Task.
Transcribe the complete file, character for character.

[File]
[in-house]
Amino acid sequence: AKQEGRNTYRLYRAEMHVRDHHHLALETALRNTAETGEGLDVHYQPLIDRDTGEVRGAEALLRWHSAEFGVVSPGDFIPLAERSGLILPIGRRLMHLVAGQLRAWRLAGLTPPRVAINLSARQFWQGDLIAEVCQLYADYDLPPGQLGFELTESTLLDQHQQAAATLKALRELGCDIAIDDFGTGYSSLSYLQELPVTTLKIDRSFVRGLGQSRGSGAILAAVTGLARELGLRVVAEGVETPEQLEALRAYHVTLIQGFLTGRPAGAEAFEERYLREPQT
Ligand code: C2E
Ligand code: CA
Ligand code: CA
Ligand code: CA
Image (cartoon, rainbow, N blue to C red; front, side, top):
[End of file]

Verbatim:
[in-house]
Amino acid sequence: AKQEGRNTYRLYRAEMHVRDHHHLALETALRNTAETGEGLDVHYQPLIDRDTGEVRGAEALLRWHSAEFGVVSPGDFIPLAERSGLILPIGRRLMHLVAGQLRAWRLAGLTPPRVAINLSARQFWQGDLIAEVCQLYADYDLPPGQLGFELTESTLLDQHQQAAATLKALRELGCDIAIDDFGTGYSSLSYLQELPVTTLKIDRSFVRGLGQSRGSGAILAAVTGLARELGLRVVAEGVETPEQLEALRAYHVTLIQGFLTGRPAGAEAFEERYLREPQT
Ligand code: C2E
Ligand code: CA
Ligand code: CA
Ligand code: CA
Image (cartoon, rainbow, N blue to C red; front, side, top):